And if you then take it a step further and illuminate and that basically what that means is that you've basically just cut Along those lines, and pushed up below where the subtitle is. And what that means is you've taken your revenue, you've less these expenses down to the point where there's just no interest in tax. And then the next level is then to exclude depreciation and amortization, that's actually called EBIT da. And that's, again, where you take your revenue, less your cost of goods, less any kind of expenses, that you just then don't take away depreciation. you report it as EBIT da, then you take away your depreciation, amortization interest in tax to get a net profit, but it's just different levels of works report. Now, the reason why organizations do that is because usually for internal purposes, certain stakeholders are interested in those kind of figures for various different reasons.
So if you're a manager, for example, you may be a general manager of a division. You can't really control too much what how the company is, is funded through its interests and The taxes so therefore you're measured on your a bit on your a bit. And it just makes it a more accurate figure to be able to measure someone's performance on as opposed to interest in tax which really is out of their control. A lot of banks and external parties are quite interested in a bit, just because it shows more the operational performance as opposed to a lot of the depreciation and amortization interest in taxes non non operational to what the business actually does. So a lot of a lot of stakeholders are quite interested in that. And And so, that's the p&l.
Remember, it's it's just for that particular time period. So usually the wording on on a profit and loss statement is for the period ended. So it could be like for a financial year from say, first of July to 30th of June, is quite typical. reporting period, although across the world, different different companies might work off different kind of reporting structures. So some companies report on a calendar year as opposed like from a January to December period. Some countries work on a much year end, some work on a September year end, majority work on a junior end, which is a financial year, which majority of businesses do but there are certainly a lot of European businesses that work on December year ends, it's quite common as well.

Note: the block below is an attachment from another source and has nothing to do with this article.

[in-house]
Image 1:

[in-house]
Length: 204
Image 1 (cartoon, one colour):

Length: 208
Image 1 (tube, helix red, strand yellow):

So the end of the day for the period ended will be on a profit loss statement. Again, go to any kind of website of any company and you'll see a profit loss statement. The format is ever so slightly different. Just depending on whether you're they're reporting EBIT, EBIT, da different net profit before tax, their profit after tax, sometimes they call operating profit, which is the same as Net profit. And get this in this example here, I've also got sort of depreciation in cash, I mean, just I would really just exclude that for the purposes of this exercise. So really, we're just looking at L and profit, which is eventually going to, then the final profit after tax will be the amount that then gets transferred to our retained earnings balance on the balance sheet.
And so really, that's profit losses. What we're going to then now do is we're going to go through back to the the short feel automotive case study. And we're going to actually start producing a balance sheet and profit loss based on our adjusted trial balance. So we can get to a final position and actually create some statements and start reporting on this, the numbers. So we'll see you in the next lecture.